UCSB’s Wandering Mountain Lion

Illustration by Drew Buchanan

Teren’e Chambers
Contributing Writer

On Tuesday, Oct. 8, a mountain lion was sighted near Orfalea Family Children’s Center in the afternoon.  

This was just the latest in a slew of mountain lion sightings that took place near UCSB over the past few weeks — sightings likely caused by seasonal factors. In a dramatic turn of events, the latest was reported to be bobcat who has lived in the area with no problems for many years.

The first alert came on Tuesday, Sept. 17, and was issued to UCSB students, staff, and Santa Barbara residents. It reported that a mountain lion was spotted near UCSB’s Campus Point peninsula. The notification urged that, until further notice, people should avoid the area, and emails were sent out explaining proper precautions to avoid and survive mountain lion encounters. 

Police officials searched the area. They notified the California Department of Fish and Wildlife officials and advised people to call 911 if they saw a fugitive feline. A few days later, another alert notification was issued — the mountain lion was seen at Orfalea Family Children’s Center. The saga continued with an additional two mountain lion sightings, which were reported at the Allan Hancock Lompoc campus. 

On the evening of Monday, Oct. 7, a mountain lion was spotted for the fourth time near the UCSB campus on the beach below the cliffs at Campus Point. This was the sighting confirmed to be a bobcat, a much smaller and less dangerous feline.

In an interview with The Bottom Line, UCSB Evolutionary Biology Professor Samuel Sweet agreed that the recent sightings most likely involved a bobcat. 

“There were a couple bobcats on Campus Point … people worried that the two bobcats they saw might be mountain lions,” he said. “A couple of people know what they are doing because they have seen a bobcat.”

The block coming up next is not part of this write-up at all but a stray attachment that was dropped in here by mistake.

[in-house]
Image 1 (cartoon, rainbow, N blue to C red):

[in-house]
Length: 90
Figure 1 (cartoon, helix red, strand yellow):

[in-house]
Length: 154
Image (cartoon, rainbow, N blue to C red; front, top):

Sweet is quite familiar with mountain lion activity. He comes across a number of signs of mountain lion activity in his local fieldwork and he is used to being tracked while he works alone at night. Mountain lions are nocturnal animals. 

Experts say that mountain lions may be looking for food and water. But Sweet asserted that, “by nature now, they are eating raccoons, possums, rabbits, and rats.”

According to an email sent to UCSB staff, faculty, and students, residents should not worry too much about encountering mountain lions. In the case that they do, they are advised to not run away from them. Experts say that it is better to make noise and appear as big as possible. They are, in fact, afraid of humans and even children. Mountain lions have been around the Santa Barbara County for years. They come down from the mountains in Goleta, and this is not an uncommon occurrence. 

“People don’t really understand that mountain lions are around campus all the time,” said Sweet. So long as expert advice is followed, these animals are fairly harmless. They will likely be on their way soon.